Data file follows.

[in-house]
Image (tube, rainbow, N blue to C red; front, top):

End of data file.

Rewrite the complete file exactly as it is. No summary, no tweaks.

[in-house]
Image (tube, rainbow, N blue to C red; front, top):